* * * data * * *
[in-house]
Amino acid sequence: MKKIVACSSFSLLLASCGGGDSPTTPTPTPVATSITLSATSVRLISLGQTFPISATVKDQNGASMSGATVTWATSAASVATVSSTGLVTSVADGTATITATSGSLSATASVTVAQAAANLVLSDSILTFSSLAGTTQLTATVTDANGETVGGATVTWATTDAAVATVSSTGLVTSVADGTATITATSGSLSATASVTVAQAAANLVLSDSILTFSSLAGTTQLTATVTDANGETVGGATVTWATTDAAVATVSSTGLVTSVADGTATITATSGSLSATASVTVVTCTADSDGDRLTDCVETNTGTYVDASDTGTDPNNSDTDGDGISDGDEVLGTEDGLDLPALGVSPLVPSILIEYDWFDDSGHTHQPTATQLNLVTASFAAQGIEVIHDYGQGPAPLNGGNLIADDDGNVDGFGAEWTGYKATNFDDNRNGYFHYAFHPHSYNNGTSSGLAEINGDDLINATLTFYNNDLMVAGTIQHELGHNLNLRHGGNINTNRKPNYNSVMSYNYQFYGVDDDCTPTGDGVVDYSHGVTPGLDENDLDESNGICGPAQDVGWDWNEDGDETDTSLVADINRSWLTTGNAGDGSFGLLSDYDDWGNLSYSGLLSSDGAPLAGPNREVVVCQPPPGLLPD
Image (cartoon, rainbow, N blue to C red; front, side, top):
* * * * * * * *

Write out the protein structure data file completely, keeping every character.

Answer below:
[in-house]
Amino acid sequence: MKKIVACSSFSLLLASCGGGDSPTTPTPTPVATSITLSATSVRLISLGQTFPISATVKDQNGASMSGATVTWATSAASVATVSSTGLVTSVADGTATITATSGSLSATASVTVAQAAANLVLSDSILTFSSLAGTTQLTATVTDANGETVGGATVTWATTDAAVATVSSTGLVTSVADGTATITATSGSLSATASVTVAQAAANLVLSDSILTFSSLAGTTQLTATVTDANGETVGGATVTWATTDAAVATVSSTGLVTSVADGTATITATSGSLSATASVTVVTCTADSDGDRLTDCVETNTGTYVDASDTGTDPNNSDTDGDGISDGDEVLGTEDGLDLPALGVSPLVPSILIEYDWFDDSGHTHQPTATQLNLVTASFAAQGIEVIHDYGQGPAPLNGGNLIADDDGNVDGFGAEWTGYKATNFDDNRNGYFHYAFHPHSYNNGTSSGLAEINGDDLINATLTFYNNDLMVAGTIQHELGHNLNLRHGGNINTNRKPNYNSVMSYNYQFYGVDDDCTPTGDGVVDYSHGVTPGLDENDLDESNGICGPAQDVGWDWNEDGDETDTSLVADINRSWLTTGNAGDGSFGLLSDYDDWGNLSYSGLLSSDGAPLAGPNREVVVCQPPPGLLPD
Image (cartoon, rainbow, N blue to C red; front, side, top):